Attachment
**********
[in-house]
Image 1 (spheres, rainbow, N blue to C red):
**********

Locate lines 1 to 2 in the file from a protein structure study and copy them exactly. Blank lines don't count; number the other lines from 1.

[in-house]
Image 1 (spheres, rainbow, N blue to C red):